Every cell in my body is filled with the code of generations of trauma, of death, of birth, ofmigration, of history that I cannot understand. . . . I want to have words for what my bonesknow.

By age thirty, Stephanie Foo was successful on paper: She had her dream job as an award-winning radio producer at This American Life and a loving boyfriend. But behind her office door,she was having panic attacks and sobbing at her desk every morning. After years ofquestioning what was wrong with herself, she was diagnosed with complex PTSD - a conditionthat occurs when trauma happens continuously, over the course of years.

Both of Foo's parents abandoned her when she was a teenager, after years of physical andverbal abuse and neglect. She thought she'd moved on, but her new diagnosis illuminated theway her past continued to threaten her health, relationships, and career. She found limitedresources to help her, so Foo set out to heal herself, and to map her experiences onto thescarce literature about C-PTSD.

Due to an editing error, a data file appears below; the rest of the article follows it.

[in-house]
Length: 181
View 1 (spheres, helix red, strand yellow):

In this deeply personal and thoroughly researched account, Foo interviews scientists andpsychologists and tries a variety of innovative therapies. She returns to her hometown inCalifornia to investigate the effects of immigrant trauma on the community, and she uncoversfamily secrets in the country of her birth, Malaysia, to learn how trauma can be inheritedthrough generations. Ultimately, she discovers that you don't move on from trauma - but youcan learn to move with it.

Powerful, enlightening and hopeful, What My Bones Know is a brave narrative that reckonswith the hold of the past over the present, the mind over the body - and examines onewoman's ability to reclaim agency from her trauma.